Jia Chen is going to Montreal. Ostensibly, she will be working with the brilliant scientist, Dr. Lanning Balcourt. But in truth, she is a spy for the Chinese government. Ah, such intrigue! It's a pity that her cover's been blown before she even sets foot in Canada.
What's To Like...
The story takes place in 2165 AD, and Ilow Martin Roque does a nice job of creating a believable world set 1½ centuries in the future. Most of the changes are technological. Which, when you think about it, is also true of the present compared to 150 years in the past. Global travel is faster, and there are some nifty techno-geeky gadgets for one's daily life.
There are also sociological differences. China now sits at the top of the economic, politicial, cultural, and technological pyramids, which is a pleasant change of pace. The US doesn't even make it into the book. The story opens in Hangzhou and Shanghai, China; which just happen to be the only two cities that I've visited there. How kewl is that?!
The storyline has a promising start. There's a neat bit of brain surgery at 22% (Kindle). Alas, just when you expect Madmen at the Tombs to kick it up a notch, it degenerates into a piece of Roman Catholic evangelism, and it's all downhill from there.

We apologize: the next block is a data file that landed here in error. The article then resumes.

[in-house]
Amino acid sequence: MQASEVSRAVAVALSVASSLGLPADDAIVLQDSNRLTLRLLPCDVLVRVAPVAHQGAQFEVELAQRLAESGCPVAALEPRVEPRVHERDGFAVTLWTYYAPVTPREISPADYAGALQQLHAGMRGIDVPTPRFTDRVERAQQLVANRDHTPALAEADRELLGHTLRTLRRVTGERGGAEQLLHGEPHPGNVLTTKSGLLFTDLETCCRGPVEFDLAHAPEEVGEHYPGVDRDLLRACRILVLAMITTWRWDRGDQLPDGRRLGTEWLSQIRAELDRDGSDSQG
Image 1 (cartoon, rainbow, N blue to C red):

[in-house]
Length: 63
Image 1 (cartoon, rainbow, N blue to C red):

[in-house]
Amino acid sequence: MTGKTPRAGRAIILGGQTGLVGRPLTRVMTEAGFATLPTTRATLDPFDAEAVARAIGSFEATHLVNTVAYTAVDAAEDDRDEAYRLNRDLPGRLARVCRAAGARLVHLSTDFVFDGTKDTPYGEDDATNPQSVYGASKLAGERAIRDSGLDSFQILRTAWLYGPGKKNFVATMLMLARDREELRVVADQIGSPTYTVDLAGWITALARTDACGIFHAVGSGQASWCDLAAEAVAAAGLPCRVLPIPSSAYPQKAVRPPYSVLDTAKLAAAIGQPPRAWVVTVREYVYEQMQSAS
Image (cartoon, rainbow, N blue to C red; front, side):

Kewlest New Word...
Encomium : a speech or piece of writing that bestows high praise on something or someone.
I bought Madmen At The Tombs for $2.99 at Amazon. It is also available in paperback for $15.33. Amazon Prime members can read it for free, but frankly Amazon Prime seems like a royal rip-off to me.
When a necessary evil has lost its necessity, what are you left with? (47%)
MatT is in dire need of a good editor. There is too much telling, and not enough showing. There are run-on sentences and overly-descriptive paragraphs that serve no purpose. There's too little action, and some of what is there seems unconnected to the storyline. Even the boffo ending is diluted somewhat by Jia being unconscious when the shooting starts. I've forgotten too much of my Mandarin to critique those passages, but the French ones are atrocious. "Je n'est c'est pas"?? Ouch.
All this is fixable. What isn't is the motif of the book - Catholic doctrinism disguised as Science Fantasy. We learn that abortion clinics promote Satanism, the evil ones use sex and drugs to further their nefarious plans, Science is a false god, cloning will herald in Armageddon, the Pope can speak and do no wrong, and China unfairly imposes their will on the local Catholic churches. The only thing missing is the Sun revolving around the Earth.
People who are tired of the Vatican always getting portrayed badly in books and movies (I'm thinking Angels and Demons here) might enjoy Madmen at the Tombs. Everyone else, especially those looking for science fiction or action-adventure, should give it a pass. 3 Stars.